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Subject: Re: EWG Requests feedback/suggestions on Core Issue 1555
From: JF Bastien (cxx_at_[hidden])
Date: 2020-05-14 18:11:26


On Thu, May 14, 2020 at 11:18 AM David Vandevoorde via SG12 <
sg12_at_[hidden]> wrote:

>
>
> On May 14, 2020, at 1:46 PM, Richard Smith <richardsmith_at_[hidden]>
> wrote:
>
> On Thu, 14 May 2020, 09:57 David Vandevoorde, <daveed_at_[hidden]> wrote:
>
>>
>>
>> On May 14, 2020, at 4:00 AM, Richard Smith via SG12 <
>> sg12_at_[hidden]> wrote:
>>
>> [ About language linkage being part of function types…]
>>
>> I hope someone who maintains an implementation for such a target will
>> speak up. (I think someone did when this was last asked, though, so I don't
>> think this is a theoretical or legacy concern. I'd be very happy to be
>> wrong about that.)
>>
>>>
>> Our front end can be configured in this respect:
>> - Whether C and C++ language linkage function types are distinct
>> - If they are not distinct, whether they can be implicitly converted
>> from one to another
>> (and some added configurability to decide whether those implicit
>> conversions are
>> enabled by default or require a command-line option)
>>
>> For those customers who have shared they configurations with us, most
>> appear to keep the types distinct but allow implicit conversions between
>> them. So the following example is accepted:
>>
>> $ cat -> r.cpp
>> extern "C" typedef int F(void);
>> extern "C++" typedef int FPP(void);
>>
>> constexpr int g(F) { return 1; }
>> constexpr int g(FPP) { return 2; };
>>
>> F f;
>> FPP fpp;
>> F *pf = fpp;
>>
>> static_assert(g(f) == 1);
>> static_assert(g(fpp) == 2);
>> $ ./cfe --c++20 r.cpp
>> $
>>
>>
>> (The “major” implementations would complain g has a duplicate definition.)
>>
>
> So, if we want to make all known implementations conforming, we would need
> to make both (1) and (2) conditionally supported. Right?
>
>
> Probably. That said, none of the configuration files I had access to made
> types distinct and disallowed conversions. I.e., either language linkage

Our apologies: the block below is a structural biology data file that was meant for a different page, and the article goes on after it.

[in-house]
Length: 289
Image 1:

> did not affect function types, or they did but you could convert pointers
> to C-functions to pointers to C++-functions (and v.v.; suggesting that it’s
> only a type system feature, not a calling convention feature). (But to be
> sure, the configurations I checked do not represent all our customers.)
>

Does the implicit conversion create a thunk?

I was talking to a coworker about this issue, and he agrees with Richard's
analysis, saying:

   - If the language calling conventions are actually different, the
   function types must be different, wrongly-matched calls must have UB, and
   implicit conversion really ought to be disallowed.
   - If the conventions are never permitted to be different, there is no
   good reason not to unify the types everywhere.
   - If the conventions are permitted to be different, the types can either
   be kept formally different everywhere or be allowed to be unified as an
   implementation decision.
   - If the committee chooses to unify the types everywhere, some
   implementors will be forced to either ignore it or break ABI and
   (potentially) source compatibility. I assume they will all choose to
   ignore it.
   - If the committee chooses to make the types different everywhere, some
   implementors will be forced to either ignore it or break both source
   compatibility and ABI. I assume they will all choose to ignore it, just as
   they have for the last 25 years.
   - If the committee chooses to make it implementation-defined, they will
   bless the status quo and formalize language divergence on different targets.
   - If the committee tries to thread the needle and make the types
   different but allow implementations to make the types implicitly
   interconvertible, they will be ignored *and* formalize language divergence
   on different targets.

I would strongly encourage making it implementation-defined with an eye
towards formalizing the treatment of calling conventions in the language.
That is, formalize it as “function types carry a calling convention; it is
implementation-defined whether the current language linkage changes that
convention; here is how different calling conventions affect the language”.

I'd be less happy with that than with making only one of the two options
> conditionally-supported, but maybe it's the right choice, given that
> changing only (2) would require an ABI break for major implementations to
> conform, and changing only (1) would be a source-level break for Daveed's
> customers described above -- that is, for the people who were trying to
> follow our rules as best as they could even though their C and C++
> functions had the same calling convention.
>
> (Also, it sounds like there are not just one or two targets like this,
> given Hubert's report and Daveed's multiple customers. I'm guessing the
> latter implementations are things like processor-specific compilers in the
> embedded space or similar, which I think generally have less representation
> on the committee.)
>
>
> Right.
>
> Now we have "Recommended behavior" as a tool, we could make (1)
> conditionally supported, with a recommendation that C language linkage
> result in the same type as C++ language linkage, and make (2) conditionally
> supported, with a recommendation to allow conversion if the calling
> convention would be the same (for those that didn't follow our first
> recommendation).
>
>
> That sounds reasonable to me.
>
> Daveed
>
>
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